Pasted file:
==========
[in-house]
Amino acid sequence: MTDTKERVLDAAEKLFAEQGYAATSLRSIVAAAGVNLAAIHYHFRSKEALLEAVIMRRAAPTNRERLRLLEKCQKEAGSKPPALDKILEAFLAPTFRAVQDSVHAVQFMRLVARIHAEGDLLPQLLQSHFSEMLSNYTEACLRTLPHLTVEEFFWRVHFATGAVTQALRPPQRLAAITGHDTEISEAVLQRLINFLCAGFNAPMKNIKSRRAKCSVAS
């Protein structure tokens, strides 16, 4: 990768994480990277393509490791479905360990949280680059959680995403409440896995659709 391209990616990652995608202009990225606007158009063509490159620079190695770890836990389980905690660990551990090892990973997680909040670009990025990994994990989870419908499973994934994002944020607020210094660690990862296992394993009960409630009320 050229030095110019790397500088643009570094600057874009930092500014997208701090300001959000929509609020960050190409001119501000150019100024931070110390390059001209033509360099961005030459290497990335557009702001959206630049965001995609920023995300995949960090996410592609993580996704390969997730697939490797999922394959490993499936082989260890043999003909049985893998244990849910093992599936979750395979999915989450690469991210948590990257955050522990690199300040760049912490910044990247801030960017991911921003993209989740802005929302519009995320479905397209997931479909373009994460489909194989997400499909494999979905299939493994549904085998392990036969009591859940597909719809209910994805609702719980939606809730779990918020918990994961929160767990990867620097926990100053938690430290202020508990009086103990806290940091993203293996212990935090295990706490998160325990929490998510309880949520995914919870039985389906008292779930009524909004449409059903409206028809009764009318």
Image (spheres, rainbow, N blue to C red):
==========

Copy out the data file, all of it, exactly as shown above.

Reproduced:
[in-house]
Amino acid sequence: MTDTKERVLDAAEKLFAEQGYAATSLRSIVAAAGVNLAAIHYHFRSKEALLEAVIMRRAAPTNRERLRLLEKCQKEAGSKPPALDKILEAFLAPTFRAVQDSVHAVQFMRLVARIHAEGDLLPQLLQSHFSEMLSNYTEACLRTLPHLTVEEFFWRVHFATGAVTQALRPPQRLAAITGHDTEISEAVLQRLINFLCAGFNAPMKNIKSRRAKCSVAS
């Protein structure tokens, strides 16, 4: 990768994480990277393509490791479905360990949280680059959680995403409440896995659709 391209990616990652995608202009990225606007158009063509490159620079190695770890836990389980905690660990551990090892990973997680909040670009990025990994994990989870419908499973994934994002944020607020210094660690990862296992394993009960409630009320 050229030095110019790397500088643009570094600057874009930092500014997208701090300001959000929509609020960050190409001119501000150019100024931070110390390059001209033509360099961005030459290497990335557009702001959206630049965001995609920023995300995949960090996410592609993580996704390969997730697939490797999922394959490993499936082989260890043999003909049985893998244990849910093992599936979750395979999915989450690469991210948590990257955050522990690199300040760049912490910044990247801030960017991911921003993209989740802005929302519009995320479905397209997931479909373009994460489909194989997400499909494999979905299939493994549904085998392990036969009591859940597909719809209910994805609702719980939606809730779990918020918990994961929160767990990867620097926990100053938690430290202020508990009086103990806290940091993203293996212990935090295990706490998160325990929490998510309880949520995914919870039985389906008292779930009524909004449409059903409206028809009764009318």
Image (spheres, rainbow, N blue to C red):